The Urge to Merge

Talks of an imminent merger between the Touchstone and Organic theaters have put a spotlight on the financial pressures now bearing down on Chicago’s beleaguered stage community. Though the merger of the 10-year-old Touchstone and 26-year-old Organic is not yet a done deal, it’s clear that both organizations are currently trying to resolve serious money and managerial problems.

Touchstone’s saddled with a $40,000 deficit, which has scared away potential board members who might help raise cash and guide the company. “It’s not fun to join a board of directors when the balance sheet looks so bad,” admits Touchstone board president Skip Wood. Another problem concerns their theater at 2851 N. Halsted, the former home of the Steppenwolf and Saint Nicholas companies. The rent for the space has risen far faster than Touchstone’s ability to pay it. “It’s killing us,” concedes artistic director Ina Marlowe, who’s spearheading the group’s effort to merge with the Organic, which owns its own space at 3319 N. Clark.

Touchstone’s landlord has already taken the company to court for nonpayment of rent. The matter was resolved after an out-of-court agreement was reached for the theater to stay in the building through June 30, when their lease expires. The situation forced Marlowe to begin looking for another home. Her search included both the Athenaeum and the Organic, where negotiations soon progressed to talks of a full merger between the two companies.

Touchstone’s landlord told the dailies he was looking for a new tenant among some younger theater companies. But during the last week he’s indicated that he might be willing to reopen negotiations with Touchstone. Yet Marlowe and Wood both believe the theater would ultimately be better served by merging with the Organic and moving into that company’s space.

For the Organic, a merger with Touchstone would presumably mean it could actually produce theater, which it hasn’t been able to afford for more than a year. The venerable company has survived by renting out its space to Northlight Theatre, Remains, and other companies at below-market rates, according to Organic board president Kathy Gillig. The Organic also has accumulated a deficit of approximately $40,000, a substantial amount but far less than its $200,000 debt of only a few years ago. Gillig says the company’s primary goal over the last couple of years was to whittle the debt down to a manageable level before producing again on a regular basis. While Gillig succeeded in lowering the Organic’s debt, the company has been weakened by a revolving door in its administrative office.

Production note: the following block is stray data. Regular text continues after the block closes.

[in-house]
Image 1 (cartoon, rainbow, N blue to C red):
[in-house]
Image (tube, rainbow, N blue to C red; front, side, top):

In the late 1980s and early ’90s, Richard Fire, a longtime Organic company member, was brought back as artistic director to try to pull the company out of its slump, but his efforts proved only sporadically successful. After Fire bowed out, the Organic board tried to run the artistic side by committee. This awkward arrangement soon collapsed, and Paul Frellick was named acting artistic director. Frellick mounted some modest but well-done productions in the company’s studio theaters, but he says he soon grew frustrated by the lack of funds and the board’s dictatorial handling of financial matters. Frellick says he parlayed a $2,000 contribution for play production into a $7,000 kitty, only to have it spent by the board to satisfy other expenses. Frellick left soon afterward, but Gillig says she doesn’t remember the situation he describes, though she acknowledges that the board “could not commit to the money needed to produce” at the time.

The Organic now lacks an administrative staff, but Gillig says that the company’s finances have stabilized to the point where a merger proposal can be entertained. “We have been approached by many theater companies interested in merging,” says Gillig, who hopes that any merged entity would still produce some of the “risky, challenging work” for which the Organic became famous in its heyday under Stuart Gordon during the 1970s and early ’80s, before Gordon turned to filmmaking. Marlowe says she’s interested in doing new work, but admits she’s modified the Touchstone lineup in recent years to include more familiar musicals and comedies because they draw larger audiences. Audience development is key for Touchstone, since 60 percent of the company’s $500,000 annual budget comes from ticket sales.

But it remains to be seen whether a merger of Touchstone and Organic will make one strong theater company out of two organizations that have struggled to stay afloat. A merger will succeed only if the two come together with a strong board of directors, a savvy management team, and a strong artistic product. Unfortunately, those elements are in short supply in the off-Loop theater world these days.

Show Boat Ads It Up

Toronto-based Livent Inc.’s production of Show Boat opened this week to mostly rave reviews. But Livent CEO Garth Drabinsky has never relied on positive press to sell his productions, favoring instead the use of advertising in any venue he can find. Drabinsky has even invaded public television station WTTW for the first time with a spot for Show Boat. To get his commercials on the air, Livent underwrote a recent airing of Jerry Herman’s Broadway at the Bowl, a tribute to the musical theater composer aimed at an audience that might be interested in seeing yet another revival of Show Boat. In return for Livent’s support, WTTW aired the same Show Boat spot that’s appearing on commercial stations, pointing to a future of more ads on public television.

Art accompanying story in printed newspaper (not available in this archive): photos/Jim Alexander Newberry.